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GMC offers advice for doctors contemplating strike action

Guide makes it clear that they must make care of their patient their first concern

Mark Gould

Friday, 06 November 2015

As the BMA is about to ballot junior doctors in England about taking industrial action over a new contract, the GMC has produced a brief guide for doctors on their rights and responsibilities when withdrawing all or part of their labour.

The GMC says that its core guidance, Good Medical Practice , does not prevent doctors from taking part in industrial action. However, any doctor contemplating industrial action must follow GMC guidance, which makes it clear that they must make the care of their patient their first concern.

"Doctors should take reasonable steps to satisfy themselves that arrangements are in place to care for their patients and should not disrupt the arrangements employers have made. Doctors have a responsibility for continuity and coordination of care, and for the safe transfer of patients between different teams. Their actions must not harm patients or put them at risk," said GMC chief executive Niall Dickson.

"We recognise that the circumstances facing each doctor will be different, and it will therefore be a matter for each individual to assess their own situation and make sure this guidance is followed.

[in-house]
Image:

"Employers also have duties and are required to meet our standards in relation to doctors in training. In particular, they should make sure that doctors are supported in the learning environment and given appropriate clinical supervision, and that rotas are designed to minimise the adverse effects of fatigue and workload. They also have a responsibility to make sure that any patient safety concerns are acted on immediately. Doctors who have a management role or responsibility must make sure that doctors and other staff who raise a concern are protected from unfair criticism or action, including any detriment or dismissal."

Mr Dickson, said the GMC had been approached by a number of doctors asking for its view, and as a result it became clear that they needed some advice on this matter.

"We do understand the strength of feeling on this issue, and recognise the considerable pressure that doctors and NHS employers are under to deliver the high quality and safe care that patients expect.

"It is not for us to advise doctors on how to vote and we are not able to tell doctors in training what to do. It is a decision for them. Given our statutory obligations as the independent regulator, which includes responsibility for medical training, we have no role in the relations between doctors and their employers, and we have no scope to become involved in contract negotiations. However, we are here to protect patients, and we have a duty to remind doctors and employers of their responsibilities. Our advice is intended to be helpful."

Picture: Junior doctors marching in London streets to campaign against NHS contract changes. 17 October 2015. Credit: William Perugini / Shutterstock.com

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